Merrit Kennedy

Merrit Kennedy is a reporter for The Two-Way, NPR's breaking news blog. She covers a broad range of issues, from the latest developments out of the Middle East to science research news.

Merrit joined NPR in Washington, D.C., in December 2015, after seven years living and working in Egypt. She started her journalism career at the beginning of the Egyptian uprising in 2011 and chronicled the ouster of two presidents, eight rounds of elections and numerous major outbreaks of violence for NPR and other news outlets. She has also worked as a reporter and television producer in Cairo for The Associated Press, covering Egypt, Yemen, Libya and Sudan.

She grew up in Los Angeles, the Middle East and places in between, and holds a bachelor's degree in international relations from Stanford University and a master's degree in international human rights law from The American University in Cairo.

Winter is over, and it's finally baseball season.

The fields are green and the lines are freshly drawn. Yep, it's time to head over to your local ballfield.

If a cheetah happens to saunter into your car, this video would suggest that the best idea is to stay absolutely still until it gets distracted by a passing gazelle.

That's what happened to Peter Heistein in Tanzania's Serengeti National Park.

"A cheetah decided to explore our vehicle on a safari I was leading for Grand Ruaha Safaris," Heistein, a wildlife photographer, wrote on Instagram.

A man in the U.K. has contracted a strain of gonorrhea that is resistant to the two main drugs used to treat it, according to British health officials.

This is the latest in a long history of gonorrhea developing resistance to antibiotics – in fact, the World Health Organization has warned that doctors are running out of ways to treat it.

The government of Ecuador has cut off the Internet connection for WikiLeaks founder Julian Assange inside its London embassy, saying that he was jeopardizing its relationships with other countries through his posts on social media.

Assange has been living in the embassy there since 2012, when he took refuge because of allegations from Sweden of sex crimes, including rape. He has feared that if he appeared in Sweden he would face extradition to the U.S., where he could be put on trial for the WikiLeaks leak of a massive trove of documents.

Attention credit card users: Starting in April, you probably won't have to scrawl your name on a scrap of paper or an electronic monitor when you make a purchase.

The Facebook scandal over misuse of user information has reached a Canadian data analytics company. And a whistleblower says he believes the firm, which has ties to the Trump presidential campaign, may have swayed the U.K.'s 2016 Brexit vote.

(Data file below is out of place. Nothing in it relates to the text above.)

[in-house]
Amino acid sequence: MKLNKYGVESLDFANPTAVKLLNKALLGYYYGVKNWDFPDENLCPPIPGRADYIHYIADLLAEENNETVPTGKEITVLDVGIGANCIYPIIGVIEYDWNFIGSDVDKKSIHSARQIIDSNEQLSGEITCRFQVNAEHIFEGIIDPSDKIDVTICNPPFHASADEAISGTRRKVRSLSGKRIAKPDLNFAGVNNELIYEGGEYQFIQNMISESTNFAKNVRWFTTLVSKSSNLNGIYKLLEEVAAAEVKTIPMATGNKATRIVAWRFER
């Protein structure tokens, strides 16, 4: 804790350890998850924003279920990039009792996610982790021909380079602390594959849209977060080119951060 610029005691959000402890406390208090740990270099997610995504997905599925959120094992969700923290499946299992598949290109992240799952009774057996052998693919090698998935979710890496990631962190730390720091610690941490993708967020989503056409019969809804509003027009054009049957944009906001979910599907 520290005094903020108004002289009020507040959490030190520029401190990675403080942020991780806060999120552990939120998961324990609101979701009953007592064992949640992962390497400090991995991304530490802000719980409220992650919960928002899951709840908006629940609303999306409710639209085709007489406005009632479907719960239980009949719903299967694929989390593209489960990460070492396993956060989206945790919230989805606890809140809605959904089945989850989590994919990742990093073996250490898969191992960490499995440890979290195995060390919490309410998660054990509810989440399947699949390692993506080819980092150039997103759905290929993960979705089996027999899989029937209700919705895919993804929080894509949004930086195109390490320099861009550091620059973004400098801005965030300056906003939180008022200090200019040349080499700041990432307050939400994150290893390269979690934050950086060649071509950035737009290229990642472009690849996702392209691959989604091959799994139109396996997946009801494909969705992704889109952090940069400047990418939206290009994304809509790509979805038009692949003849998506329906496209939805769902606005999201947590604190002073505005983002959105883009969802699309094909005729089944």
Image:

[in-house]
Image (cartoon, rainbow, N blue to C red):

Prince had an extremely high level of a powerful synthetic opioid in his body at the time of his death at his home in Minnesota in April 2016, according to a toxicology report obtained by The Associated Press.

The confidential toxicology information was reported less than a week after the Carver County Attorney Mark Metz stated that the death investigation remains active. Metz is still deciding whether to charge someone with a crime.

You can still find furniture or a roommate on Craigslist. But ads seeking romance or sexual connections are no longer going to be available, after Craigslist took down the "personals" section Friday for its U.S. site.

A 16-year-old girl has died after she was shot Tuesday at Great Mills High School in St. Mary's County., Md., by another student.

Jaelynn Rose Willey was critically injured in the attack, which also injured a 14-year-old male student. The gunman, identified by the St. Mary's County sheriff as 17-year-old Austin Wyatt Rollins, was pronounced dead on Tuesday after exchanging fire with the school resource officer.

A federal regulator has cited a Baltimore hospital for breaches of federal regulatory requirements, after a passerby shot a video of a confused patient in a hospital gown being taken by guards to a bus stop on a cold night in January.

The disturbing video prompted broader questions about the University of Maryland Medical Center Midtown Campus's treatment of emergency room patients.

Updated at 5:05 p.m. ET

Two students were injured when another student opened fire at Great Mills High School in St. Mary's County, Md., according to the local sheriff. The shooter, identified by the sheriff as 17-year-old Austin Wyatt Rollins, was confirmed dead after being taken to a hospital.

Negotiators from the U.K. and the EU says they have reached a provisional agreement on how Britain will withdraw from the EU.

The agreement allows for a nearly two-year transition period, ending on Dec. 31, 2020. The U.K. is set to leave the EU in March 2019 and that transition period is designed to ease the shift.

As Venezuela reels from hyperinflation that has caused a severe shortage of cash, one city is trying to mitigate the problem by printing its own currency.

Elorza, in western Venezuela near the border with Colombia, is selling its own bills featuring the image of an independence leader from the area, according to Reuters.

A "gold rush" started among residents in eastern Siberia after dozens of gold bars fell out of a cargo plane as it was taking off, according to Russian media.

After having trouble obtaining drugs needed for lethal injections, Oklahoma is planning to change its primary method of execution to nitrogen gas inhalation.

It would be the first time a U.S. state uses this method of execution, though six states have gas inhalation in their laws as a secondary method to lethal injection, according to the Death Penalty Information Center.

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